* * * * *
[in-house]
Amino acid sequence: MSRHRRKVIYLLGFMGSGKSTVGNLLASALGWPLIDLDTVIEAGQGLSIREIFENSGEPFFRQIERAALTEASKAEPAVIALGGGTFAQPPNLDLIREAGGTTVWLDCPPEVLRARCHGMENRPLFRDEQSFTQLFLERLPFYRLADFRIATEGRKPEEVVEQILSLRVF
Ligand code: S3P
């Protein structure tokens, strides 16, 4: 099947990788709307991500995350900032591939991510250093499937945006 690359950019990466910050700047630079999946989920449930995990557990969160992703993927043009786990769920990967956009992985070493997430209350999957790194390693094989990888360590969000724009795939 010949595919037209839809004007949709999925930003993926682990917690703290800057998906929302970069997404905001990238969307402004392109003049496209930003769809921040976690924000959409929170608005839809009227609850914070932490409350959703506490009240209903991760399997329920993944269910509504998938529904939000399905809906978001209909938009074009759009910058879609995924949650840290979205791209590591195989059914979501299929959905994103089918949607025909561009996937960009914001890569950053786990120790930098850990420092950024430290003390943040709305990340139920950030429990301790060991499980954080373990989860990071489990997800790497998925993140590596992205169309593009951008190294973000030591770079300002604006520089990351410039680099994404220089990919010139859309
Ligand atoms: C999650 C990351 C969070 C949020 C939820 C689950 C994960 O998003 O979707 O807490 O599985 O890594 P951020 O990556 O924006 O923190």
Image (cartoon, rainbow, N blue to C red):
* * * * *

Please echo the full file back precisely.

[in-house]
Amino acid sequence: MSRHRRKVIYLLGFMGSGKSTVGNLLASALGWPLIDLDTVIEAGQGLSIREIFENSGEPFFRQIERAALTEASKAEPAVIALGGGTFAQPPNLDLIREAGGTTVWLDCPPEVLRARCHGMENRPLFRDEQSFTQLFLERLPFYRLADFRIATEGRKPEEVVEQILSLRVF
Ligand code: S3P
């Protein structure tokens, strides 16, 4: 099947990788709307991500995350900032591939991510250093499937945006 690359950019990466910050700047630079999946989920449930995990557990969160992703993927043009786990769920990967956009992985070493997430209350999957790194390693094989990888360590969000724009795939 010949595919037209839809004007949709999925930003993926682990917690703290800057998906929302970069997404905001990238969307402004392109003049496209930003769809921040976690924000959409929170608005839809009227609850914070932490409350959703506490009240209903991760399997329920993944269910509504998938529904939000399905809906978001209909938009074009759009910058879609995924949650840290979205791209590591195989059914979501299929959905994103089918949607025909561009996937960009914001890569950053786990120790930098850990420092950024430290003390943040709305990340139920950030429990301790060991499980954080373990989860990071489990997800790497998925993140590596992205169309593009951008190294973000030591770079300002604006520089990351410039680099994404220089990919010139859309
Ligand atoms: C999650 C990351 C969070 C949020 C939820 C689950 C994960 O998003 O979707 O807490 O599985 O890594 P951020 O990556 O924006 O923190």
Image (cartoon, rainbow, N blue to C red):